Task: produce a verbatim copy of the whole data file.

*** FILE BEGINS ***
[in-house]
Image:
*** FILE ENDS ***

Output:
[in-house]
Image: